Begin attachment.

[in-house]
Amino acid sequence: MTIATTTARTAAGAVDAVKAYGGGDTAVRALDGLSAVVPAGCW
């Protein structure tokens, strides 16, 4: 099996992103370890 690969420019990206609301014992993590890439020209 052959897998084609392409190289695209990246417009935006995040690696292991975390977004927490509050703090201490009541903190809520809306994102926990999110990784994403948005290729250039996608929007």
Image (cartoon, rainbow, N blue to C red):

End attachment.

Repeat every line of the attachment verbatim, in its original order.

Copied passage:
[in-house]
Amino acid sequence: MTIATTTARTAAGAVDAVKAYGGGDTAVRALDGLSAVVPAGCW
């Protein structure tokens, strides 16, 4: 099996992103370890 690969420019990206609301014992993590890439020209 052959897998084609392409190289695209990246417009935006995040690696292991975390977004927490509050703090201490009541903190809520809306994102926990999110990784994403948005290729250039996608929007």
Image (cartoon, rainbow, N blue to C red):